Attendees at the region’s first Excellence in Paediatrics conference, hosted by Sidra Medical and Research Center, focused on the endemic problems of obesity and inactive lifestyles among many other topics discussed during the four-day event that came to a close this weekend.
Discussion around best practices for combatting obesity and encouraging more active lifestyles, two topics that are invariably intertwined across the globe but more markedly so in the region, resulted in some unique recommendations that could be replicated across countries. Healthcare professionals agree that behavior and lifestyle are the biggest indicators for obesity, resulting in a host of healthcare complications from heart disease to colon cancer.
According to Barbara Livingstone, Professor of Human Nutrition at the University of Ulster, who spoke at the Sidra-sponsored event, “The causes of childhood obesity are as varied as the children it affects. Over 30 potential risk factors for childhood obesity have been described, although few are supported by good quality evidence. Heredity plays a role in childhood obesity but generally to a much lesser degree than many people might believe. Unfortunately, in many countries around the globe, the environment has become increasingly toxic to maintaining a healthy weight and has been labeled ‘obesogenic or obesity-causing,’ which includes sedentary behavior, lack of sleep and the quality and quantity of the diet.”
Dr. Robert Sallis, family physician practicing at Kaiser Permanente Medical Center, the largest managed care organization in the U.S., and Past-President of the American College of Sports Medicine, described the novel “Exercise is Medicine” approach to treating obesity and promoting healthy lifestyles. “The problem of physical inactivity is a global pandemic with far reaching health, economic, environmental and social consequences. Imagine if we were talking about any other disease, calling it a pandemic would cause an outcry for action. Exercise is the medicine and the prescription is 30 minutes, five times a week for adults or 60 minutes a day for kids.”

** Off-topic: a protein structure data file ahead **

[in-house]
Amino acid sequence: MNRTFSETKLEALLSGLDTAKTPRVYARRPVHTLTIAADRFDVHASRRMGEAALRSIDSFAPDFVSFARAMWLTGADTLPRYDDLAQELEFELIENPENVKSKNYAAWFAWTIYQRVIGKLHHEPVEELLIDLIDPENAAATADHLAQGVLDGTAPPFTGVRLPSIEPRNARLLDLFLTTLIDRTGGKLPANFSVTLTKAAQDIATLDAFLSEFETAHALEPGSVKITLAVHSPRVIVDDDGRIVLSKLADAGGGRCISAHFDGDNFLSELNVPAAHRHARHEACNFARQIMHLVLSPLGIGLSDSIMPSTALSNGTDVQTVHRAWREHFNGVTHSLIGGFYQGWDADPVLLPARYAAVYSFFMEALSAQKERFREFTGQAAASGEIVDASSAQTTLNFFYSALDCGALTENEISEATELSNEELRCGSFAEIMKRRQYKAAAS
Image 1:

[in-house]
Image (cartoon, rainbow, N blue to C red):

Dr. Sallis pointed out that the sedentary death syndrome, the inactivity epidemic, is quite a real phenomenon. “Doctors should be educating patients about the benefits of exercise beyond weight loss. We have been so focused on the pills and procedures that the discussion about changing lifestyles has moved off the public agenda,” he said.
As the problem of obesity and sedentary lifestyles puts a significant number of people in the Middle East at risk for health complications, Dr. Paulina Nowicka, member of the Childhood Obesity Taskforce of the European Association for the Study of Obesity (EASO), called for abstract submissions for the European Congress on Obesity taking place on May 28-31, 2014 in Sofia, Bulgaria, the first time a session on obesity in the Arab world will be included in the program. Deadline for submissions is January 10th, 2014.
Obesity continues to be a growing problem in Qatar. The Qatar Supreme Council of Health is aiming to combat this significant health concern. The government plans to implement Project 3.2 Nutrition and Physical Activity, with the aim of bringing about behavioral changes to reduce the rate of obesity. Sidra is contributing to raising awareness in Qatar and the region by hosting medical education events as part of the Sidra Symposia Series.
Sidra and EiP welcomed over 1,500 attendees from more than 80 countries and gave special recognition to speakers and facilitators who made this event possible. Sidra’s Communications Director Khalid al Mohannadi was the recipient of the EiP Excellence Award for significant contribution to linking the world of medicine and public health to ensure work done by researchers and academics is translated into action for patients. “Conferences like EiP go a long way in brining world-class medical education to the region and Sidra has been proud to help make this event a reality,” said Al Mohannadi.